A very successful one and one half day meeting was held to begin the process of creating experiment teams to propose instruments for the LCLS experimental program. More than thirty people gathered representing most of the scientific disciplines discussed in the LCLS First Experiments document. The first afternoon was devoted to presentations of the status and plans for LCLS as well as the policy for experimental proposals. This meeting will be one of many held as we develop the instrument suite for LCLS. A major thrust of the workshop was to focus attention on the R&D needed for the experimental program to be most successful in the early operations phase. Two key components were highlighted: detector developments, in particular 2-D detectors for scattering experiments that will permit read-out at the LCLS repletion rate (120 Hz) and development of methods for x-ray pulse length measurement and pump laser - x-ray probe timing. Discussions also included the proposal timeline and pre-proposal submission to the LCLS Science Advisory Committee in late spring 2003.

5.  Paul Phizackerley Receives 5th Annual Farrel W. Lytle Award

On behalf of the SSRL Users' Organization, Keith Hodgson presented the 2002 Farrel W. Lytle Award to SSRL Prof. R. Paul Phizackerley following dinner at the Users' Meeting. Since coming to SSRL nearly twenty-five years ago, Paul has been involved in pioneering developments in synchrotron-based macromolecular crystallography. In particular, Paul led the development of the first beam line and area detector instrumentation in the U.S. devoted to the technique of Multi-wavelength Anomalous Dispersion (MAD). Paul, working in collaboration with other SSRL users and staff scientists, made a number of seminal contributions using these unique instrumentation capabilities. Among these was the first determination of a completely unknown structure (a "blue" copper protein from cucumber seedlings). In a very tangible and practical sense, one can see Paul's contributions to the SSRL user community by simply looking around the experimental floor. Beam Lines 1-5 and 7-1 were conceived and initially constructed and commissioned under his supervision. More recently, Paul initiated the design of SSRL's first robotics-based automated system for mounting and dismounting protein crystal samples from the experimental stage.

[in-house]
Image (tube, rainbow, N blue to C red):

6.  Election Results Announced for 2003 SSRLUO Executive Committee
     (contact: Uwe Bergmann, Chair, SSRLUO-EC)

Many thanks to everyone who took the time to nominate and vote for colleagues in the election of SSRL's 2003 Users' Organization Executive Committee ( SSRLUO-EC). The names of the newly elected members are:
  • Anneli Munkholm, Lumileds Lighting - Materials/Chemistry
  • Martina Ralle, Oregon Graduate Institute - Structural Molecular Biology
  • Richard Brennan, OHSU - Macromolecular Crystallography
  • Andrew Fischer, UC Davis - Macromolecular Crystallography
  • Richard Lee, LLNL - LCLS
  • Deanne Jackson Rudd - Stanford University - Structural Molecular Biology/Chemistry (graduate student)